Communist Party of China

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Communist Party of China

中国共产党
Abbreviation CPC
General Secretary Xi Jinping
Founded 23 July, 1921
Newspaper People's Daily
Think tank Central Policy Research Office
Youth wing Communist Youth League of China
Young Pioneers of China
Political line Marxism–Leninism
Mao Zedong Thought
Socialism with Chinese characteristics
Website
http://cpc.people.com.cn/

The Communist Party of China (CPC) (in Western media it is typically written as CCP, or Chinese Communist Party) is the vanguard of both of the Chinese working class and of the Chinese nation. It is guided by its ideology which is a practical application of Marxism-Leninism to the specific conditions of China. Among these ideological developments is Socialism with Chinese characteristics which emphasizes the development of China's advanced productive forces, the orientation of China's advanced culture and the fundamental interests of the overwhelming majority of the Chinese people. The realization of communism is the highest ideal and ultimate goal of the Party. [1]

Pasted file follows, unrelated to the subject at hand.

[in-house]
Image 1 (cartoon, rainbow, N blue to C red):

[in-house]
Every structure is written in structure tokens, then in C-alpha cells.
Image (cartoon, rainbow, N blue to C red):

History

The Communist Party of China was founded on July 23, 1921, heavily influenced by the events of the May Fourth Movement and the October Revolution.[2] After many years of civil war in which the CPC achieved total victory in mainland China and most of the coastal islands, led the People's Liberation Army to defeat the National Army of the Republic of China, and forced the Republic of China into a military coup.

The government of the Republic of China retreated to Taiwan. Mao Zedong established the People's Republic of China in Beijing in 1949, the only ruling party in the PRC leading the Workers' and Peasants' Alliance and the United Front on behalf of the working class and exercising the People's Democratic Dictatorship in mainland China since October 1949.

Demographics

In 2020, The Communist Party of China is about 91,914,000 members large or about 6.57% of their population. In 2017, about 26.7% of members are women.[3] In 2015, roughly 30% are farmers, herdsmen or fishermen, 25% white collar workers, 18% retirees, 8% government employees.[4]

On July 2, 2001, Jiang Zemin allowed the possibility of membership to be extended to the Bourgeoisie.[5]

References